Township leaders, residents and emergency responders came together Tuesday afternoon to remember the attacks of Sept. 11, 2001.
A special ceremony at served as the unveiling of an addition to the town's 9/11 memorial: a piece of an actual steel beam that was part of the World Trade Center, whose towers were toppled by airplanes taken over by terrorists on one of the nation's darkest days.
Mayor James Barberio, in his remarks, said that the event was about mourning the nearly 3,000 people lost 11 years ago Tuesday and about reflecting on what the tragedy had to teach us.
"We stand in unity renewing the lessons that we learned on Sept. 11 about patriotism and tolerance," he said. "Our determination to send the message that the United States will not fall to the forces of evil and hatred continues to be heard."
The event began with a solemn procession by the color guards of and the , followed by an invocation by Msgr. Herbert Tillyer of .
The centerpiece of the commemoration was a keynote address by Parsippany resident . The former Secret Service special agent and emergency medical technician recounted his experiences as a survivor of both the 1993 and 2001 World Trade Center attacks.
Recalling the event 11 years ago, Letts talked of how he used what he learned from his 1993 experience to lead people in the WTC's north tower to safety.
"I positioned myself at the bottom of the west stairwell and directed evacuees to the escalator on the east side...where the Port Authority officer guided them to the relative safety of the underground concourse," he said. "We had a plan, and for the next 70 minutes, that's what we did. I recall that those who exited my stairwell were calm and resolute, and I witnessed countless acts of compassion and bravery."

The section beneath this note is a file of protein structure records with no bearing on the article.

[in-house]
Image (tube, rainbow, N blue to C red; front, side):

Letts recalled then assisting paramedics in locating first aid supplies and talked of watching the south tower collapse.
"As we began our frantic run down 47 flights of stairs, we had no way of knowing that the north tower would collapse in just 29 minutes," he said. "We fought our way through heavy smoke and darkness and when we finally emerged onto Vesey Street, it was a scene of complete devastation.
"It was beyond surreal."
Letts recognized the courage and generosity of responders from many states—"including many who are here today"—who put their lives on the line to save as many people at the WTC as they could, and "who give of themselves every day." He also honored the nation's veterans and the members of Navy Seal Team 6, "which gave a bit of American justice to Osama bin Laden."
"I ask each and every one of you to find a way, any way, to serve others," he told the crowd in attendance. "Our nation faces one of the most significant challenges in its history and whether we're able to survive largely depends on whether its people are willing to give more of themselves."
After the playing of Lee Greenwood's "God Bless the USA" and Bruce Springsteen's 9/11 anthem, "My City of Ruins," Rabbi Ronald Kaplan of offered a benediction that referred to the bit of steel that survived the 2001 attacks.
"Human beings are frail," he said, "but like steel ... we can be strong."
With that, the new memorial was unveiled and Rabbi Kaplan blew the Jewish shofar, a ram's horn usually used during the Rosh Hashanah and Yom Kippur High Holidays.
The steel beam was obtained with the assistance of Parsippany resident Taran Ayaz, who works for the Port Authority of New York and New Jersey and was a 9/11 responder.